fb-pixelR.I. Congressman James Langevin won’t seek reelection - The Boston Globe Skip to main content

R.I. Congressman James Langevin won’t seek reelection

Langevin, 57, was the first quadriplegic elected to Congress and has represented Rhode Island’s second congressional district since 2001

US Congressman James Langevin during The State of Rhode Island Veterans Day Ceremony at the Rhode Island Veterans Home in November 2021Matthew J Lee/Globe staff

PROVIDENCE — US Representative James Langevin, a Democrat who has represented Rhode Island’s second congressional district since 2001, announced Tuesday that he won’t seek re-election later this year.

In a phone interview with the Globe, Langevin said he is in “good health,” and “while it’s good, I want to do other things.” He said he’ll finish out his term in US House of Representatives, but he wants to spend more time in Rhode Island.

“I did go back and forth,” Langevin said. “Some days I was like ‘I’m gonna keep going,’ and other days, I’d say, ‘I’m going to retire.’”

Langevin, 57, was the first quadriplegic elected to Congress, having been accidentally shot in a police locker room when he was 16. He previously served as a state representative and Rhode Island’s secretary of state.


Langevin said his proudest moments in 11 terms in Congress have been his effort to bring cyber security issues to the forefront - including a push to name a national cybersecurity director - and his vote to support the Affordable Care Act, which expanded access to health care to millions of Americans.

It’s rare for one of Rhode Island’s two House seats to open up – the last time was 2010, when David Cicilline won the race to replace former congressman Patrick Kennedy – so Langevin’s retirement is sure to set off a flurry of speculation about who run for the job.

The 2nd congressional district includes most of the southern and western parts of Rhode Island, from Westerly to Johnston and parts of Providence. It’s considered more conservative than the 1st district, but Langevin has been safely re-elected every two years since his first victory in 2000.

US Representative David N. Cicilline, a fellow Democrat, issued a statement, saying, ”It has been an honor to serve alongside Jim in the United States House of Representatives for the past 11 years, where he has become one of our nation’s leaders in cybersecurity and expanding access to opportunities for career training and technical education.”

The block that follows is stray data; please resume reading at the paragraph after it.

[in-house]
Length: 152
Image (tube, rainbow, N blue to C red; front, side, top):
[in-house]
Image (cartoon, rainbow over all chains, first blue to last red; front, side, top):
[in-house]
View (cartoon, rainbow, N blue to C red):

Cicilline said, “The story of Jim Langevin will forever be remembered as one of perseverance and a dedication to public service. It is one that will inspire our colleagues in government today and the future leaders of our state and nation for generations to come.”

House Speaker K. Joseph Shekarchi issued a statement saying this was a day to focus on Langevin’s achievements and not “future political speculation.”

Shekarchi, a Warwick Democrat, said he met Langevin nearly 40 years ago while working on former Warwick Mayor Frank Flaherty’s campaign.

“After becoming the nation’s youngest Secretary of State, he has been a proven fighter in Congress for more than two decades,” he said. “Jim has been a trailblazer for Americans with disabilities, serving as a national leader on issues of disability rights and inclusion. Jim is a highly respected voice on issues of national security, particularly cybersecurity.”

Senate President Dominick J. Ruggerio, a North Providence Democrat, thanked Langevin for his decades of public service.

“He has been a steady, pragmatic and unifying voice during an era of increasing partisanship, someone who truly puts people over politics,” Ruggerio said. “He has made a tremendous difference on issues such as rights for disabled Americans, cybersecurity, and support for our servicemen and women.”